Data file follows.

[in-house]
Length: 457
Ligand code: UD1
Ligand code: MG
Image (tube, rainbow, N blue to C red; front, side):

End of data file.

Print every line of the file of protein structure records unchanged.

[in-house]
Length: 457
Ligand code: UD1
Ligand code: MG
Image (tube, rainbow, N blue to C red; front, side):